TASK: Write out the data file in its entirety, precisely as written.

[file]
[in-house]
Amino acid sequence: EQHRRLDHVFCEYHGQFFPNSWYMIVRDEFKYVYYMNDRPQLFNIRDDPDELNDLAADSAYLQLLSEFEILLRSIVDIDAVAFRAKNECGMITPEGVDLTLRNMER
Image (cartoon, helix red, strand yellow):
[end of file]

[in-house]
Amino acid sequence: EQHRRLDHVFCEYHGQFFPNSWYMIVRDEFKYVYYMNDRPQLFNIRDDPDELNDLAADSAYLQLLSEFEILLRSIVDIDAVAFRAKNECGMITPEGVDLTLRNMER
Image (cartoon, helix red, strand yellow):